Since the opening of the National Go Center in Washington, DC May, organizers reports that “we have been very gratified to see the volunteer 2017.06.25_ngc-kidsupport for having the National Go Center open Tuesday thru Saturday nights.” And “Now that we have had a little time to be open and get feedback, the top suggestion has been that we pick a single night that everyone is encouraged to come if they can so that no matter what your level, you can always find a good match. Also it should have a time where beginners can come and get dedicated instruction in how to play. And with community turnout, a social time to bring refreshments, plan activities, and see friends.”

With that in mind, Wednesday has been designated the “big” night at the NGC. “We’ll be open longer hours on Wednesdays, from 5-11 PM, with 5-7 a special time for beginners to learn the game with volunteers on hand to teach. Feel free to bring refreshments to share also.”

Friday is “another great night to play with a dedicated group of attendees,” NGC organizers add. “Check the schedule for other nights before you come as our summer schedule is a little less regular.” Details on the NGC’s Facebook page and follow the NGC on Twitter.

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Categories: U.S./North America
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Slate & Shell offers 50% discount to AGA chapters and go clubs

Sunday June 25, 2017

Slate & Shell is offering a special opportunity for US go clubs and AGA chapters to get books for prizes and libraries: 50% off on all Slate & Shell 2017.06.25_slate-shell-logobooks. Minimum order is ten books. Send an email to customerservice@slateandshell.com for instructions.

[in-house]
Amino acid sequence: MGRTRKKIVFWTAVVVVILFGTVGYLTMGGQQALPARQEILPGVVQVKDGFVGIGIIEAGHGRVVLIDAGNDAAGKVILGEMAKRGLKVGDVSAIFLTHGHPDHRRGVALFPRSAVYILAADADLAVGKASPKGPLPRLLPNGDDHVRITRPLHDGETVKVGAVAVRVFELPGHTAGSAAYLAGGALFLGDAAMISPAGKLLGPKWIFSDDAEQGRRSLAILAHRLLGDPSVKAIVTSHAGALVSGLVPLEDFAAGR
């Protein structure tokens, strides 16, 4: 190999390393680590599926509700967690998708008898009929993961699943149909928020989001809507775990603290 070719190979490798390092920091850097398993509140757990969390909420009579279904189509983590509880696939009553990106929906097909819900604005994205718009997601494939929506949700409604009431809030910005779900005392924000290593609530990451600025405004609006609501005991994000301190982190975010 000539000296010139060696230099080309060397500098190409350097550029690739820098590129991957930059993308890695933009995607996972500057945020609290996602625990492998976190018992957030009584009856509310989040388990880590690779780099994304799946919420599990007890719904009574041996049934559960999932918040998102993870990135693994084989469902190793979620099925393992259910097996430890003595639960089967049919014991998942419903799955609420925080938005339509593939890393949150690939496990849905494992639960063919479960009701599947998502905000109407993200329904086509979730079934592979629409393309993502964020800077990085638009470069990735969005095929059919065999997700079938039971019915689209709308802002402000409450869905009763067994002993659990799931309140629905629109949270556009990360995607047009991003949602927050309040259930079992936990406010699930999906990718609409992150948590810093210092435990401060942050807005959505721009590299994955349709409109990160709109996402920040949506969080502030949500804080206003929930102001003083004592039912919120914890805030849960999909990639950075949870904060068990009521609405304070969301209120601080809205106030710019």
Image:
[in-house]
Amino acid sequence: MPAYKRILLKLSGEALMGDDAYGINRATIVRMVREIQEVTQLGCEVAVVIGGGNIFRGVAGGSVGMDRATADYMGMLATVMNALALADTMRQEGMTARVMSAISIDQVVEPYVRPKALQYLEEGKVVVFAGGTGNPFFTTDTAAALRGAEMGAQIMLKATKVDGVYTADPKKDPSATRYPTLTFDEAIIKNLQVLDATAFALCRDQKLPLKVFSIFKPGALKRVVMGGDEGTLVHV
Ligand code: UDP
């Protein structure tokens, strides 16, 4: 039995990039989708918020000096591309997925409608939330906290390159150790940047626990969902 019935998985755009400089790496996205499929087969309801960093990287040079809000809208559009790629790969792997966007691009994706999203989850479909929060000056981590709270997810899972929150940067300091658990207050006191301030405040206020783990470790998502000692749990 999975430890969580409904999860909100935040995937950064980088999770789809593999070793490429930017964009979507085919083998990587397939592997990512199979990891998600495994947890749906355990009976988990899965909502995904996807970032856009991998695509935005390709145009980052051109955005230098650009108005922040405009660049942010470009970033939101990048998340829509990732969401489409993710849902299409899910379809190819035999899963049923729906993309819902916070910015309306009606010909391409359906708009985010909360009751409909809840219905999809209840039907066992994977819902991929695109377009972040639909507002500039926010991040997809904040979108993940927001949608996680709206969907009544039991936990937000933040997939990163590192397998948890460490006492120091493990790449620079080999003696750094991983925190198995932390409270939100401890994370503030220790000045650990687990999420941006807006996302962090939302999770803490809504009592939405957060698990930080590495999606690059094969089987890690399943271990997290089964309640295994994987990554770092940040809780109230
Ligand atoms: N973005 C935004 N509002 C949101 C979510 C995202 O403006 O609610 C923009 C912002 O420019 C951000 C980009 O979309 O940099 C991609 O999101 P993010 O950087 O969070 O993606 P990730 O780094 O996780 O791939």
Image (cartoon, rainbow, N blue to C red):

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Go Classified: Go teacher needed

Sunday June 25, 2017

McLean, VA: Hope Chinese School’s McLean campus is looking for a go instructor for the 6-week summer camp during Jun 28 – Aug 11, 2017. It is a paid position. Contact: 703-371-3414, hcscamp.va@gmail.com. The summer camp has an emphasis on Asian culture, and the camp director Dinny Li hopes the instructor can teach 2 hours in the afternoon, two to four times a week.

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Categories: Go Classified,Youth
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Internet World Amateur Go Tournament now accepting registration

Friday June 23, 2017

The longest-running internet tournament, the 22nd Pandanet Internet World Amateur Go Tournament (IWAG) is now accepting registrations. The free registration requires the player to have an established rank on Pandanet, which is established after playing 20 games there.  Depending on their playing strengths, the players are divided into five groups.  First-round winners are selected from Asia, Americas, and Europe by a 2:1:1 ration to play a knock-out tournament in the higher rounds.  Generous prizes are provided.
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Categories: World
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Ryan Li 1p upsets Chen Yaoye 9p to move to MLily Final 16

Wednesday June 21, 2017

American Go Association pro Ryan Li 1p, of Canada, has defeated two-time world champion Chen Yaoye 9p in the second round of the MLily Meng Baihe Cup2017.06.21_Li-Yaoye World Go Open Tournament.